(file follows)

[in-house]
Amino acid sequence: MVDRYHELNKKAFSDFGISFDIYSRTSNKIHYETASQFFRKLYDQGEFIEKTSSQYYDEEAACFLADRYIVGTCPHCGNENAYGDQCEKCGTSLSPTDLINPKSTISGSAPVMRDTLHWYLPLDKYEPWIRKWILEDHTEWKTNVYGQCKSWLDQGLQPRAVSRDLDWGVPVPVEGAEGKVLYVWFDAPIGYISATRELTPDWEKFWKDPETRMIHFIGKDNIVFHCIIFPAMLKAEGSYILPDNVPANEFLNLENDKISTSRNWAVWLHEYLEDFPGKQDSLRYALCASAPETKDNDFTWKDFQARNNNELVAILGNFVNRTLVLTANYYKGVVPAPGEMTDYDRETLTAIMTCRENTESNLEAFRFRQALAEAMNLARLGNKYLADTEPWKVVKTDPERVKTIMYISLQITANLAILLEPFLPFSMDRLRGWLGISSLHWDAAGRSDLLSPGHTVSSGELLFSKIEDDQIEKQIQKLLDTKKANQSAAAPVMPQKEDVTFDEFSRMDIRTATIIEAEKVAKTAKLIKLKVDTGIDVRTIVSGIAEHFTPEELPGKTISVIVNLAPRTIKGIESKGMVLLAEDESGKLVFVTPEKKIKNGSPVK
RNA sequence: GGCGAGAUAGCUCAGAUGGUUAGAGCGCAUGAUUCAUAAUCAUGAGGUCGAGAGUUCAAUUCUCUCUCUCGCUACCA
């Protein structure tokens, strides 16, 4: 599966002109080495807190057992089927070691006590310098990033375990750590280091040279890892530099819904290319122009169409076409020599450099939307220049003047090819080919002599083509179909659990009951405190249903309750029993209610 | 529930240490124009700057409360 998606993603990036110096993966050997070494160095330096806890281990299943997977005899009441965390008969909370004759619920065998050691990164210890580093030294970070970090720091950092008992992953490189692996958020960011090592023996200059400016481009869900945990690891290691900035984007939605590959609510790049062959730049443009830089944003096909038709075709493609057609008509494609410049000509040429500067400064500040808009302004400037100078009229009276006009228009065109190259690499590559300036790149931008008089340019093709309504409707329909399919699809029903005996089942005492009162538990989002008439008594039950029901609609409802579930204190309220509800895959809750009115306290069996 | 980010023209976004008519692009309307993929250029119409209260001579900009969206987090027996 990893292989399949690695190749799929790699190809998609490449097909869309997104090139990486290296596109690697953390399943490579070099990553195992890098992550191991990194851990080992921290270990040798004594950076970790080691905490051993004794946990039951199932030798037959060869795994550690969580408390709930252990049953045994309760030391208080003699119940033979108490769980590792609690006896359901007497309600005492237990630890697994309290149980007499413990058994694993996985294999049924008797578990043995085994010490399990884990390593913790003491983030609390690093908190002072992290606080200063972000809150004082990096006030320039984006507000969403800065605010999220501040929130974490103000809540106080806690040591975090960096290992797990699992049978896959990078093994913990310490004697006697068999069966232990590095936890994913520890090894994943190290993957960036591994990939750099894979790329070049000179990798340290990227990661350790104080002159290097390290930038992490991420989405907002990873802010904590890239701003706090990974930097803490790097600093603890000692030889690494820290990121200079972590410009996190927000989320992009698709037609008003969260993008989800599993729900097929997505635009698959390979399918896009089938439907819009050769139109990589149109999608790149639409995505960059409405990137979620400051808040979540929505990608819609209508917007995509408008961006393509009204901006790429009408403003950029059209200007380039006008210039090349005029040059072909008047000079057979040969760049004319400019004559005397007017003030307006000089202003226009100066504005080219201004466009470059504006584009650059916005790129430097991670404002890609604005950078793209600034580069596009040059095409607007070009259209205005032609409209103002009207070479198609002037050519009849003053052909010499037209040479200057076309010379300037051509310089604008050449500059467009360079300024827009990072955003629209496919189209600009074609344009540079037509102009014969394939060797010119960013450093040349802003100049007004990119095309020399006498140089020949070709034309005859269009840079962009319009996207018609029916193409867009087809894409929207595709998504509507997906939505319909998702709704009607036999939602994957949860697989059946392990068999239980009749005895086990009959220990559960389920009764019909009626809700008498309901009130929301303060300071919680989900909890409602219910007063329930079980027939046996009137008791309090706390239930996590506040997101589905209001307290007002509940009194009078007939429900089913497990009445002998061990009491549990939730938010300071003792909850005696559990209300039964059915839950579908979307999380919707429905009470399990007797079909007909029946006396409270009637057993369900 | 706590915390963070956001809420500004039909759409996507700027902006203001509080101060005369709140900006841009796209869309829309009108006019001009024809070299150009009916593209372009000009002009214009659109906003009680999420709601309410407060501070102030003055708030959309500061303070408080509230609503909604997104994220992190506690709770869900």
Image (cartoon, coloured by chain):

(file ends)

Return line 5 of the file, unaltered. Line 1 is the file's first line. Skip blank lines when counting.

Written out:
Image (cartoon, coloured by chain):